Today is the tenth anniversary Safer Internet Day and perhaps your children have been encouraged to get involved in projects at school? Did you know that the average age for first going online in Europe is seven years of age.
The UK Safer Internet Centre conducted a survey of 24,000 young people and reported 96% of the respondents aged 11-19-years of age are using some form of online communication tool.
Here in Ireland Irish a recent report by EU Kids Online identified that children are online at least once a day for an average of 61 minutes.
There are a host of events being hosted and one that I thought was particularly good has been the live Internet radio show hosted by SaferInternet.org .uk with guests from Facebook, Google, Microsoft, Twitter and many other organisations.
Recently my twin daughters, aged 11 years, were invited to participate in a private social network hosted on Make Waves. The platform provides a social learning environment for social media for education and enables schools to create and safely share videos, podcasts and blogs.
I have been impressed with the way that the teacher involved in the school project has provided a framework for positive online behaviour to the classes involved. Whilst my daughters have been actively using children’s social networks such as Club Penguin for some years, many of their friends have already established an account on Facebook even though they are under 13 years of age (the legal age for accounts on Facebook, Google and Twitter).
My daughters were also encouraged to write an article about the theme for this years Safer Internet Day, “Connect With Respect”. The image in this article is an extract of one of the articles that my youngest daughter wrote.
I’ve been impressed that so many corporates have been getting behind Safer Internet Day for example the Disney Club Penguin TV advert about connecting with respect.
Encouraging children to learn good practice on how to safely participate online can not however be left just to schools, the media and legislation. Our role as parents has evolved and we need to talk about online privacy with our children. I am sure will become more challenging as my children enter their teenage years and are perhaps dismissive of my suggestions!
Here are ten areas for you discuss with your children to help them stay safe online and managing their online reputation and digital footprint:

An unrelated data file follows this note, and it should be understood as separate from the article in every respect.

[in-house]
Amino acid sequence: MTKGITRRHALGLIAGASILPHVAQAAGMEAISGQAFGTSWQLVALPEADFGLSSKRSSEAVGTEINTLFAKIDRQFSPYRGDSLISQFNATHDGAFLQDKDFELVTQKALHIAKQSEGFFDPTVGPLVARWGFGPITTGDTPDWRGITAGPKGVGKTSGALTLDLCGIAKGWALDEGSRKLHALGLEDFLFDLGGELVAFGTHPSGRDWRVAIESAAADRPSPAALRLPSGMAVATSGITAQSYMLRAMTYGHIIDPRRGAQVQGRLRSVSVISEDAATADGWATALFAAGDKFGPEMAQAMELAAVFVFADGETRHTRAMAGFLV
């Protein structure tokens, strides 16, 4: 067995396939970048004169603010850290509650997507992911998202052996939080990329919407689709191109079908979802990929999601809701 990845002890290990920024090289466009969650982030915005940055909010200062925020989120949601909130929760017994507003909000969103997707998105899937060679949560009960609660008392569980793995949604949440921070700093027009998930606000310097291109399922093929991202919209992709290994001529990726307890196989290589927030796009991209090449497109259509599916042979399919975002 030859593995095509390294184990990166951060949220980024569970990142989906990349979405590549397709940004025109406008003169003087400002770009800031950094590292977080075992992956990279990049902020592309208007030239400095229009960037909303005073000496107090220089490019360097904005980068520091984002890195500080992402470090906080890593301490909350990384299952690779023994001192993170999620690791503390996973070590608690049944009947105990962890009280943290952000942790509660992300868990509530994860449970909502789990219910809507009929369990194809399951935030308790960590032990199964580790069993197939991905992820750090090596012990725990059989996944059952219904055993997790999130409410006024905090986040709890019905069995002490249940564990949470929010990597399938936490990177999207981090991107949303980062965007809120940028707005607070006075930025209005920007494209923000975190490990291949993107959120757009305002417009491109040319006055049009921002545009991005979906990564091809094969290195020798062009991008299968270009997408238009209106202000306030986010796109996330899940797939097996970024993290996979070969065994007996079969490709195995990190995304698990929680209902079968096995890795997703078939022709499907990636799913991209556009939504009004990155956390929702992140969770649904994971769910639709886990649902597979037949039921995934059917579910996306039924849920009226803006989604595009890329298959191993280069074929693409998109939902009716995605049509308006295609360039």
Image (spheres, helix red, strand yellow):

- Think before you post any message or content – once it is published online it is not always easy to delete
- Search for yourself in the search engines and in social networks to see if people have been posting things about you
- Consider the language you use and be respectful of others views even if they are different to your own
- Protect your access to your accounts by using secure passwords
- Do not share your password for your social networks to your friends
- Log out of your social networks and online accounts when you have finished using them
- Manage your privacy settings for your different social networks especially if you do not want everything you publish online to be seen publically
- Discuss with your friends what they will tag and the type of content you do not wanted be tagged in
- Learn how to manage and opt out of content you have been tagged in
- Know who to tell if you have a problem or have been bullied online.
Six Resources To Help Keep Your Children Safe Online
There are many tools and resources now available. Here are a couple that you may find of assistance:
The Google Family Safety Centre providing tools for parents and guardians.
Understanding YouTube and digital citizenship resources for teachers of secondary schools
The ‘Digital Universe of Your Children’ is a new resource that covers tips for parents to help them manage their children’s activities online and has resources for people in Belgium, Czech Republic,Germany, Hungary, Ireland, The Netherlands, Spain and the UK.
A resource on the BBC website for teachers to help them educate children on how to use Twitter for reporting and journalism.
Argos in the UK have a partnership with Norton Online Family and have made the software available – it encourages discussion between you and your children about what they do online so you can teach them safe behaviour and good cyber habits.
What do you other resources do you recommend in terms of encouraging young people to stay safe online while at the same time developing their digital literacy which is going to be imperative for their future careers?